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The effect of visual salience on memory-based choices.

Pooresmaeili A, Bach DR, Dolan RJ - J. Neurophysiol. (2013)

Bottom Line: Subjects chose a visually salient item more often when they looked for matching features and less often so when they looked for a nonmatch.This pattern of results indicates that salient items are more likely to be identified as a match.We interpret the findings in terms of capacity limitations at a comparison stage where a visually salient item is more likely to exhaust resources leading it to be prematurely parsed as a match.

View Article: PubMed Central - PubMed

Affiliation: Berlin School of Mind and Brain, Humboldt-Universität zu Berlin, Berlin, Germany;

ABSTRACT
Deciding whether a stimulus is the "same" or "different" from a previous presented one involves integrating among the incoming sensory information, working memory, and perceptual decision making. Visual selective attention plays a crucial role in selecting the relevant information that informs a subsequent course of action. Previous studies have mainly investigated the role of visual attention during the encoding phase of working memory tasks. In this study, we investigate whether manipulation of bottom-up attention by changing stimulus visual salience impacts on later stages of memory-based decisions. In two experiments, we asked subjects to identify whether a stimulus had either the same or a different feature to that of a memorized sample. We manipulated visual salience of the test stimuli by varying a task-irrelevant feature contrast. Subjects chose a visually salient item more often when they looked for matching features and less often so when they looked for a nonmatch. This pattern of results indicates that salient items are more likely to be identified as a match. We interpret the findings in terms of capacity limitations at a comparison stage where a visually salient item is more likely to exhaust resources leading it to be prematurely parsed as a match.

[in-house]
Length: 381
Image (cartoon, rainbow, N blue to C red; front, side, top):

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Related in: MedlinePlus

Effect of salience on choice when subjects search for a match (experiment 1). A: probability of choosing a stimulus is shown as a function of orientation difference (Δθ°) from the sample orientation. The sign of Δθ° indicates the match with the sample with Δθ° < 0 indicating that a stimulus did not match the sample orientation and Δθ° > 0 indicating a match in orientation. Probability of choice varied as a function of orientation similarity between the 2 bars and their match to the sample. The dashed curve corresponds to psychometric functions in NS condition. Solid curves correspond to when a stimulus is salient (black) or NS (gray). Stimulus salience produces a choice bias as demonstrated by a horizontal shift of the psychometric curves. B: choices are shifted toward the salient stimulus (leftward shift, negative offset) and away from the NS stimulus (rightward shift, positive offset).